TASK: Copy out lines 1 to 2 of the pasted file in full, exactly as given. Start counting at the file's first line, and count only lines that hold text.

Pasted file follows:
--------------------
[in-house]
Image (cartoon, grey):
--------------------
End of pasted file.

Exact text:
[in-house]
Image (cartoon, grey):